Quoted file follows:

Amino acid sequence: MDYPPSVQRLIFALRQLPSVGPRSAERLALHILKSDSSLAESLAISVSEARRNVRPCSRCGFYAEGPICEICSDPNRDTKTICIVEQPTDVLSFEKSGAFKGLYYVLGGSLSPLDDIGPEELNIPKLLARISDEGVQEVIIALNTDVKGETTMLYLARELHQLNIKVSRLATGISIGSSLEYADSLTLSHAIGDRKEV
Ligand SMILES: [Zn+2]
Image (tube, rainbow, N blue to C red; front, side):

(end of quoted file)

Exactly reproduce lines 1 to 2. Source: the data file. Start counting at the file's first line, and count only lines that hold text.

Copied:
Amino acid sequence: MDYPPSVQRLIFALRQLPSVGPRSAERLALHILKSDSSLAESLAISVSEARRNVRPCSRCGFYAEGPICEICSDPNRDTKTICIVEQPTDVLSFEKSGAFKGLYYVLGGSLSPLDDIGPEELNIPKLLARISDEGVQEVIIALNTDVKGETTMLYLARELHQLNIKVSRLATGISIGSSLEYADSLTLSHAIGDRKEV
Ligand SMILES: [Zn+2]